In many respects, the reason we were able to respond quickly to the health crisis was precisely because we already had folks on the ground in China and in Southeast Asia. Our experience there — of mobilizing our staff to work from home, of serving customers as they set up their desks from scratch at their dining room tables — was instrumental in shaping our approach in Europe and the U.S. so that we could move the entire team remote seamlessly.
More generally, and without commenting on trade talks because it’s simply not my role to offer an opinion on such things, we always take a long view when it comes to our global growth strategy. We are willing to invest the time and effort to get things right. Focusing on the end goal also has the added benefit of helping to cut out a lot of the headline noise.
3. Corporate journey: You co-founded Tradeweb in 1996 — back when email was still shiny and new. One could say you were early to the fixed-income electronification party, but were there advantages to a slow burn for you or Tradeweb such as getting to watch the market unfold?
When we were writing the business plan for Tradeweb, one of the things that really informed our thinking the most was the change that was already underway in FX trading. I remember very clearly looking at venues like EBS, and then weighing what would or wouldn’t work for U.S. Treasuries. At the time, of course, there was also significant change in the U.S. equities markets with the arrival of ECNs, so while we were one of the very first to use the Internet for bond trading, what everyone else was doing elsewhere was instructive to our initial approach.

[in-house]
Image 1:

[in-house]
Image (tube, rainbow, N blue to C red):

Since then, we’ve kept up a good habit of being first when it suits our clients. For example, we were the first electronic platform to offer access to the Chinese onshore bond market, the first platform to offer dealer-to-customer tri-party repo, and the first to automated intelligent execution with AiEX.
Equally, though, if we’re not first into a space that doesn’t put us off. In the case of our global credit business, a more methodical and holistic approach has proved more useful. The market was evolving at a much slower rate than elsewhere in fixed income, and frankly had essentially stagnated.